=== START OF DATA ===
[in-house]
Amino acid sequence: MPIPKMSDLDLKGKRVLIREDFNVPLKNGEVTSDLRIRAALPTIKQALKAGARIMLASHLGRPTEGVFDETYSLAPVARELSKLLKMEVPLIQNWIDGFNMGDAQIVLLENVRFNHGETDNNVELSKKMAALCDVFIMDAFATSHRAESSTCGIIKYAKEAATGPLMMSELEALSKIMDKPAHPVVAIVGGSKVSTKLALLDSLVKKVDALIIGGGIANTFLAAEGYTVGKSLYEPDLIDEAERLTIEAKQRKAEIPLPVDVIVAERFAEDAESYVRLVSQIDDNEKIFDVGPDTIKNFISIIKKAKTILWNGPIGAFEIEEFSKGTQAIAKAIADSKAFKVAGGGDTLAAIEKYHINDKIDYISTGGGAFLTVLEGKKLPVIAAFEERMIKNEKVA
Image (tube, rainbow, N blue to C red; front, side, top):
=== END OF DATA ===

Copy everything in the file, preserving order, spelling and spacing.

[in-house]
Amino acid sequence: MPIPKMSDLDLKGKRVLIREDFNVPLKNGEVTSDLRIRAALPTIKQALKAGARIMLASHLGRPTEGVFDETYSLAPVARELSKLLKMEVPLIQNWIDGFNMGDAQIVLLENVRFNHGETDNNVELSKKMAALCDVFIMDAFATSHRAESSTCGIIKYAKEAATGPLMMSELEALSKIMDKPAHPVVAIVGGSKVSTKLALLDSLVKKVDALIIGGGIANTFLAAEGYTVGKSLYEPDLIDEAERLTIEAKQRKAEIPLPVDVIVAERFAEDAESYVRLVSQIDDNEKIFDVGPDTIKNFISIIKKAKTILWNGPIGAFEIEEFSKGTQAIAKAIADSKAFKVAGGGDTLAAIEKYHINDKIDYISTGGGAFLTVLEGKKLPVIAAFEERMIKNEKVA
Image (tube, rainbow, N blue to C red; front, side, top):